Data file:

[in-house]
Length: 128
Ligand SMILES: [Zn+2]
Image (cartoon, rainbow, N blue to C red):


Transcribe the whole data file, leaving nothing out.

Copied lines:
[in-house]
Length: 128
Ligand SMILES: [Zn+2]
Image (cartoon, rainbow, N blue to C red):